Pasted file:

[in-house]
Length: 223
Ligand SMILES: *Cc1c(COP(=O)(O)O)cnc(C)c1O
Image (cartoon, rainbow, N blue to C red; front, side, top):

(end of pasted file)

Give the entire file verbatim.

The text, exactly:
[in-house]
Length: 223
Ligand SMILES: *Cc1c(COP(=O)(O)O)cnc(C)c1O
Image (cartoon, rainbow, N blue to C red; front, side, top):